The modern ravagers are those who loudly proclaim themselves “avengers of the Prophet”, knowing deep down that He would disapprove, vehemently.  Even in the darkness of Seventh Century Arabia, Mohammad only sanctioned violence when it was done in self-defense, as unfortunately it was deemed prudent on several occasions.  Their depraved actions spur equally savage responses from non-Muslims.  As Gandhi cautioned, “An eye for an eye makes the whole world blind”.

So, while French and international investigators sort out the evidence and pursue leads, the world waits to see whether Islamic extremists, or clever agents provocateurs from a Nationalist group, or just-plain hateful miscreants with no agenda other than mayhem, are behind this latest atrocity.  In the end, truth, in its purest form, will be spoken to power.

Past as Prologue

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A friend online celebrated cutting ties with what, for her, was a rather abysmal past.  I congratulate anyone who can put an end to pain and suffering. We each deserve more than that.

The exchange led me to thinking about my own past.  Until I was about 30, my autism and chemical dependency were intertwined, so as to make me put forward a rather wretched countenance- so far removed from the little soul who was such a happy and hopeful child, until getting involved in rock fights at age ten led to the head trauma that aggravated my autism and caused so many of my peers to alternately laugh and cringe.

Age 30 brought the Baha’i Faith, abstinence from alcohol and drugs and my soul mate.  She had her own health issues, but they were more or less kept at bay for the first 21 years of our marriage.    Penny had a very positive, productive interest in health.  It bordered on obsession, but if one is to be obsessed with anything, it may as well be that which enhances life.  Someone like myself, used to a “catch-as-catch can” physical regimen, had much to learn from such as she, and learn I did.

When fate intervened, in 2003, and she suffered two head traumas within two weeks’ time, we began to look upon our shared experience as bittersweet.  We kept on with an exercise regimen, through her neurological and physical decline, even in the wheelchair days.  I would get her to the local YMCA or 24 Hour Fitness, two or three days a week.  A kind RN showed me how to lift and lower Penny from wheelchair to car and back, and from wheelchair to exercise machine. Most of the time, it worked.  This added at least a year to her life, I’m sure and we were so happy just getting the physical sustenance.

Then came infection, lesions, cleansing surgery, and rehab hospital.  2010 was like our lost year.  I would substitute teach most days, and be with Penny afterward, until visiting hours ended, usually between 9-10 PM.  Weekends, I was there just about all day.  In November, I brought her home and we had home health care- so that I could keep working and thus contribute to what her disability checks provided.  In December, 2010, the seizures started, and we came up with a deep breathing method of bringing her out of them.  At first, though, we had to go through ER, ICU, The Speech about how a responsible spouse would have her put through a tracheotomy and on a breathing machine. (I ran this by Penny and she turned it down- being confined and isolated in hospital would no longer work for her- or me.)  So, we left the hospital, arranged for a different home health service, due to her increased oxygen needs, and for its attached hospice service- just in case.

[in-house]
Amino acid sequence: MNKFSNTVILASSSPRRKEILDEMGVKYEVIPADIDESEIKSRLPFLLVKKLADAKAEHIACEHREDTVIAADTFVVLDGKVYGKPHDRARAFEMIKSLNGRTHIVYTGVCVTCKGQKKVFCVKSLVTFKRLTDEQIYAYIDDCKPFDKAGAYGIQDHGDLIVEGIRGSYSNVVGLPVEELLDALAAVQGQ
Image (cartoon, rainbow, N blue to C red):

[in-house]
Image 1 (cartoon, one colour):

Mostly, home health-hospice was supportive, through January and February.  I again heard a Speech, this time about “my duty” to turn her disability checks over to the State of Arizona, so that Penny could be placed in a care home.  She rejected this option, as did I.  That ended all social work assistance to her.  The state’s social service structure, at that time, was abysmally mercenary.  Things are starting to look up in that regard, though too late for my darling wife.

The  staff who helped us, unfortunately, had health crises of their own- right at the time Penny’s bacterial infection flared up again.  We did the best we could to keep it from spreading, but by February 26, 2011, she needed to go back to hospice.  An unfortunate round of pneumonia found its way into her room, and her fight ended on March 5.

Since she left her physical self behind, I have experienced her constant spiritual presence.  Our son has had similar experiences.  He and I are on separate paths- he in the Navy and I wending my way through semi-retirement and on a well-defined path of fiscal and physical self-discipline.  We converge, with her blessing, every so often, most recently for two weeks in December.  I have traveled more, read more books, written more and eaten less. I have made friends, spent less money and been more systematic in my approach to life.  When women have approached me, seeking more than friendship, I have run it by Penny, and the answer so far has been, “She’s not the one.  When I see someone who would be a good companion for you, until we’re together again, you’ll be the first to know.  Just don’t be mean to anyone.”  That’ll work; it’s not in my nature to be mean, even when I have to be aloof in order to protect myself.

Somehow, I think these are things she wanted to see in me, all along.